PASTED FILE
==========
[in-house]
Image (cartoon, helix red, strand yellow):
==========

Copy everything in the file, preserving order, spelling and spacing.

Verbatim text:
[in-house]
Image (cartoon, helix red, strand yellow):